Thursday, December 13, 2018

Genesis 25:1-18 “Abraham gave all he had to Isaac“


This will be the last chapter in which the lives of Abraham and Isaac intersect. In fact, this is Abraham’s death chapter. From now on the focus will be on Isaac, the chosen son and the new head of the covenant family.  Though there are no great achievements to speak of concerning Isaac’s life, yet he provides a significant link in the history of redemption. The  Jews always referred  to their  God as the God of Abraham, Isaac, and Jacob (e.g.  Gen. 50:24; Ex.3:15; Acts 7:32)

Our text focuses on the continuity of the covenant promises of God to Abraham through Isaac which is then passed on to Jacob, and we shall see this already happening in 25:23. The great doctrine which is addressed in this chapter is the doctrine of divine election. I want to present this doctrine to you in fuller detail  my next sermon. Right now I want us to see how the covenant promise is passed on in the midst of challenging family relationships in which we   are told  that Abraham gave all he have  to Isaac.  (25:4)

Abraham took another wife (25:1-4).

Following the death of Sarah in Ch. 23, Abraham marries Keturah[1], whose name means ”wrapped in clouds of incense smoke"[2]. She bears him a further 6 sons. The prophecy concerning him becoming the father of many nations is beginning to take shape.    I want to draw your attention to one of the sons. One of his sons, whose name is mentioned in verses 2-4 is  Midian.  His offspring, the Midianites were destined to have  a great  influence  upon Israel.  Jacob’s sons because of jealousy will put their brother Joseph into a pit, from where he is rescued by Midianite traders, who in turn sell him to Potiphar, an officer of Pharaoh, in Egypt (37:36). Later we read that Moses sought refuge in Midian following his flight from Egypt (Ex.2:11ff).There he meets  and marries Zipporah the  daughter of Jethro, a priest of Midian (Ex.2:16-22),  and Moses will be greatly helped by his Midianite father-in-law, Jethro. Yet the Midianites will also exert bad influence over the Israelites with the Moabites (Numbers 22:1-41, 25:1-18, 31:1-54)  and through them Israel will start to worship false gods, bringing  God’s wrath down upon them. Gideon in Judges 6-8 will defeat the Midianite army  with an army of only 300 men  in a remarkable victory.

Isaac's unique place in God's plan (25:5,6)

With so many brothers, and not forgetting Ishmael  (7 in all),  we may well ask how things would be when Abraham dies  and  when the inheritance has to be  divided.  The Bible leaves us in no uncertainty:  Abraham gave all that he had to Isaac. But to the sons of his concubines, Abraham gave gifts while he was still living. And he sent them away from his son, Isaac, eastward to the land of the east.”
The Lord God who knows all things and who steers all history  for the sake of His own glory    had determined by His own good pleasure and forethought  that  Isaac, the son born to Abraham  and Sarah, his covenant wife,  was going to be the next son of the covenant, inheriting  the promises that God had made to Abraham. Remember the opening words of the New Testament? “A record of the genealogy of Jesus Christ the son of David the son of Abraham. Abraham was the father of Isaac, Isaac the father of Jacob . . .” (Matt. 1:1- 2). Isaac occupies a unique place there . There were 7 other male descendants of Abraham, but they are not mentioned there. The covenant promise concerning the  seed of the woman who will bruise the serpent’s head and accomplish our redemption shall come  through Isaac alone.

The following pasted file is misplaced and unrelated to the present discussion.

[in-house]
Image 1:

In order to deal with potential sibling rivalry,   the other sons are sent away to the east country (v.6). That is an interesting comment.  Adam and Eve after the fall are sent east of Eden (Gen.3:24).  Cain settled east of Eden following the murder of his brother (Gen. 4:16).  The people who planned and built the tower of Babel came from the east (Gen. 11:2).  Abraham, by the grace of God had been brought from Ur in the east to the promised land.    In  Gen.24 Abraham warned his servant  that under no circumstances was he to take Isaac back to the east – to  the place  from where  God had taken Abraham. Isaac belongs here in Canaan, the Promised Land. Eastward was generally understood to mean, “away from God”.

We thank God that today in this gospel age, God’s covenant blessings are being poured once again into the people of the east and the nations, although the gospel is also fiercely resisted by the people of the east, as is true for the all the nations  of  the world. It began back in the times of the birth of Jesus. Wise men from the East heard that a remarkable child was to be born and so they came to seek Him and to worship Him (Matt.2:1). 

So then, Abraham’s other sons are not sent away empty handed. They are given gifts (we may assume that these were generous gifts) while Abraham was still alive, but while  the  others are provided for, Isaac alone is the one who is to inherit the land and the covenant  promises. Matthew Henry writes:
“These sons of the concubines were sent into the country that lay east from Canaan, and their posterity were called the children of the east, famous for their numbers, Judges 6:5,33.  (i.e. the Midianites and the Amalekites) Their great increase was the fruit of the promise made to Abraham, that God would multiply his seed. God, in dispensing his blessings, does as Abraham did common blessings he gives to the children of this world, as to the sons of the bond-woman, but covenant-blessings he reserves for the heirs of promise. All that he has is theirs, for they are his Isaacs, from whom the rest shall be for ever separated”[3]
Common blessings are given by God to every member of the human race, but covenant blessings are given by God to those who are the heirs of the promise. A distinction is made by God between Isaac and his brothers from another mother.